A Florida con man uses the passing of the long time Congressman from his district who he just happens to share a name with, to get elected to his version of paradise, Congress, where the ...
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Maximillian is the only survivor from a race of vampires on a Caribbean Island, and as a vampire, he must find a mate to keep the line from ending. He knows that a child had been born to a ... See full summary »
A spoof of buddy cop movies where two very different cops are forced to team up on a new reality based television cop show, while tracking down the manufacturer and distributor of an illegally made semi-automatic firearm.
A Florida con man uses the passing of the long time Congressman from his district who he just happens to share a name with, to get elected to his version of paradise, Congress, where the money flows from lobbyists. But soon he learns the nature of the game and decides to fight back the only way he knows how, with a con. Written by
Craig D. Barker <email@example.com>
The name of the American state in the USA that Congressmen Jeff Johnson (James Garner) and Thomas Jefferson Johnson (Eddie Murphy) represented was "Florida". See more »
Despite the threats to have Jefferson removed from congress, there is nothing in the Constitution or in house or senate rules that states a person with a criminal history cannot serve their term if elected. See more »
I've seen Citizen Kane and wasn't half as impressed with it as I was with this film which I credit to producer and writer Marty Kaplan (who, as I understand, is a CPA). The only thing this movie lacks is violence and nudity, not that it needs either.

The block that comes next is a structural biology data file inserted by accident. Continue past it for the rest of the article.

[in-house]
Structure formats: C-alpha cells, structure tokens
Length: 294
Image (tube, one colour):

I've never seen a more thorough and realistic comedy about government and politics before or since this film. Only Bulworth comes close, yet the solutions suggested in that film were just as liberal as the institution it parodied. There are a few liberal connotations in The Distinguished Gentleman (particularly environmental), but they are immediately balanced and authenticated by the conditions presented in the story.
This film isn't an absolute probe into political science, but it gives a more lucid perspective of politics than the media would ever care to attempt. Eddie Murphy's performance is vintage, particularly his mimicking skills and his genuine comedic brilliance. A moment that defines the film is when his character gives a victory speech which consists exclusively of several cliches coined by historic politicians ("'Four score and seven years ago...' 'If you can't stand the heat, get out of the kitchen...' 'We have nothing to fear but fear itself...' 'Ask not what your country can do for you...' and in conclusion 'Read my lips!'"). The crowd response, as with actual politicians, is full of mindless cheers of concurrence.
Political experts may find this film silly and full of inconsistencies. Yet, the fact is, most movies are silly compared to reality. This film, however, does not insult the viewer and gives political novices a good idea of political mechanics while presenting a hilarious performance. The fact presented in this film is that the most powerful people are the most corrupt, and corruption can only be defeated by more clever and deceptive corruption.
This is not a film for "Generation X"ers who rate a film on its music soundtrack and how thoroughly the females cast in it prostitute themselves. If you appreciate the comedy of Eddie Murphy and have a critical appreciation for politics, you will enjoy this film.
I'd give it a 9.5, but the IMDB won't allow decimals.
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